Every state has certain laws that allow a person to use self-defense. It’s long been accepted that there are times where a person has the right to defend themselves and their property. This dates back hundreds of years, all the way back to when we first came over from England.
Basically, if someone is attacking you, it makes sense that you can defend yourself. The rules get a little fuzzier when it comes to protecting your property. And, it gets even more confusing when it comes to protecting someone other than yourself.
Most states break down when it’s okay to use self-defense and when it’s not okay. They also outline when you can use deadly force. For the most part, these laws are strictly interpreted. The last thing the courts want are people acting as vigilantes. They don’t want people deciding for themselves when it’s okay to use deadly force or attack an intruder.
Arizona statutes define when it’s okay to use self-defense. They also tell us what counts as self-defense and what behavior crosses the line. When it comes to claiming self-defense in Arizona, the following rules apply:
Basically, the court will ask what a normal person would’ve done in the same circumstances. If, for example, a person is breaking into your house in the middle of the night, it makes sense that you’d go to the front door with a baseball bat. If, however, someone wanted to punch you in a bar fight, it’s not reasonable to use a gun or knife to defend yourself.
Arizona uses a similar rule when it comes to defending third parties. You can put yourself into the shoes of the third party. Whatever force that person could have used to defense themselves is the same amount of force you can use to defend them.
In a perfect world, you’d never have to use deadly force to defend yourself. The courts understand, however, that we don’t live in a perfect world. In Arizona, the following rules apply to using deadly force:
A few important distinctions must be made here. Once the threat disappears, you can’t use deadly force. If a person tried to break into your house and is running away, you can’t shoot them in the back.
If someone comes after you with a baseball bat, you can’t use a gun to defend yourself. The force has to be proportional.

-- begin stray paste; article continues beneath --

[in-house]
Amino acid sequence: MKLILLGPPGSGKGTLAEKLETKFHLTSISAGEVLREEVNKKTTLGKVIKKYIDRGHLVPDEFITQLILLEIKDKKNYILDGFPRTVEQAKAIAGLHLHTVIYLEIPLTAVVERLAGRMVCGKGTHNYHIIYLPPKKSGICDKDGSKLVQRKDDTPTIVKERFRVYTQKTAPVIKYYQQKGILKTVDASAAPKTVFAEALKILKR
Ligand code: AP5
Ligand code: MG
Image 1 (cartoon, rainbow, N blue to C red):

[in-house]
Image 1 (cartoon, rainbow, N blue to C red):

The threat has to be immediate. If someone attacked you a week earlier, you can’t hunt the person down and use deadly force to attack him.
If you are found to have used excessive force, you will likely be charged with assault.
There are times where self-defense simply isn’t justified. In Arizona, the statutes make it very clear when self-defense isn’t allowed. If your claim self-defense in these situations, you’ll likely be found guilty of assault or worse:
If you use claim self-defense in these situations, you’ll be fighting an uphill battle. The whole point of self-defense is to protect you from an immediate threat of attack or death. Once the threat is gone, so does the right to use self-defense.
Even an experienced criminal defense attorney can only do so much for you in these cases. If you used excessive force, the statute dictates that you’ll be liable for criminal penalties.
Many states have something called a “Stand Your Ground” rule. Some states call this the “castle” doctrine. This relates all the way back to when people had to defend their castles from attack. Arizona does not have a specific “Stand Your Ground” rule. However, the law does allow you to stand your ground in some circumstances.
In Arizona, if you’re lawfully where you’re allowed to be and minding your own business, you can stand your ground. You’re allowed to defend yourself without being required to retreat. So, if someone comes after you with a baseball bat, you can defend yourself. You don’t have to turn tail and run away. However, the right to defend yourself is still limited by the statute.
A lot of what constitutes as self-defense depends on using a little common sense. If someone pushes you at a baseball stadium, you’re not allowed to smash his head in with a baseball bat. You can push him back or do something reasonable to stave off the attack.
If you’re been charged with assault and think you were acting in self-defense, contact a criminal defense lawyer today. Your lawyer can review your case and let you know what you may be facing in court. Your lawyer will be familiar with your local laws and regulations. They have handled dozens of cases just like yours.
If you are in a situation where your life is threatened, you’re going to act out of instinct. Just make sure your instinct is reasonable and rational. Call and schedule your initial consultation with an experienced criminal defense lawyer today.
Liz S. Coyle is the Director of Client Services for JacksonWhite Attorneys at Law. She also serves as a paralegal for the Family Law Department. She is responsible for internal and external communications for the firm.